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Journal Article

Variation in the substitution rates among the human mitochondrial Haplogroup U Sublineages


Översti,  Sanni
tide, Max Planck Institute for the Science of Human History, Max Planck Society;

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Översti, S., & Palo, J. U. (2022). Variation in the substitution rates among the human mitochondrial Haplogroup U Sublineages. Genome Biology and Evolution, 14(7): evac097. doi:10.1093/gbe/evac097.

Cite as: https://hdl.handle.net/21.11116/0000-000A-C9C7-3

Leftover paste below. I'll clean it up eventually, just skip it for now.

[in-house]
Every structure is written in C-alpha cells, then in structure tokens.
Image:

Resolving the absolute timescale of phylogenetic trees stipulates reliable estimates for the rate of DNA sequence evolution. For this end, various calibration methods have been developed and studied intensively. Intraspecific rate variation among distinct genetic lineages, however, has gained less attention. Here, we have assessed lineage-specific molecular rates of human mitochondrial DNA (mtDNA) by performing tip-calibrated Bayesian phylogenetic analyses. Tip-calibration, as opposed to traditional nodal time stamps from dated fossil evidence or geological events, is based on sample ages and becoming ever more feasible as ancient DNA data from radiocarbon-dated samples accumulate. We focus on subhaplogroups U2, U4, U5a, and U5b, the data including ancient mtDNA genomes from 14C-dated samples (n = 234), contemporary genomes (n = 301), and two outgroup sequences from haplogroup R. The obtained molecular rates depended on the data sets (with or without contemporary sequences), suggesting time-dependency. More notable was the rate variation between haplogroups: U4 and U5a stand out having a substantially higher rate than U5b. This is also reflected in the divergence times obtained (U5a: 17,700 years and U5b: 29,700 years), a disparity not reported previously. After ruling out various alternative causes (e.g., selection, sampling, and sequence quality), we propose that the substitution rates have been influenced by demographic histories, widely different among populations where U4/U5a or U5b are frequent. As with the Y-chromosomal subhaplogroup R1b, the mitochondrial U4 and U5a have been associated with remarkable range extensions of the Yamnaya culture in the Bronze Age.